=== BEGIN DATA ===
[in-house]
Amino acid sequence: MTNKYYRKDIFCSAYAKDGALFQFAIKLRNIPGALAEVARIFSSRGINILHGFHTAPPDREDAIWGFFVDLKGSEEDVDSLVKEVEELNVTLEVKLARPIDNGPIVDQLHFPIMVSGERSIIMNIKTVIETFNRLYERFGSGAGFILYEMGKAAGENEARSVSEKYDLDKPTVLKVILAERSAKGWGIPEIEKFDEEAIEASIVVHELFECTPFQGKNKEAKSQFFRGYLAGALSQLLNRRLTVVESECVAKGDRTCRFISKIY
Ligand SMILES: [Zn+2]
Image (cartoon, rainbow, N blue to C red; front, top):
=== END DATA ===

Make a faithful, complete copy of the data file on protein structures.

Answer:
[in-house]
Amino acid sequence: MTNKYYRKDIFCSAYAKDGALFQFAIKLRNIPGALAEVARIFSSRGINILHGFHTAPPDREDAIWGFFVDLKGSEEDVDSLVKEVEELNVTLEVKLARPIDNGPIVDQLHFPIMVSGERSIIMNIKTVIETFNRLYERFGSGAGFILYEMGKAAGENEARSVSEKYDLDKPTVLKVILAERSAKGWGIPEIEKFDEEAIEASIVVHELFECTPFQGKNKEAKSQFFRGYLAGALSQLLNRRLTVVESECVAKGDRTCRFISKIY
Ligand SMILES: [Zn+2]
Image (cartoon, rainbow, N blue to C red; front, top):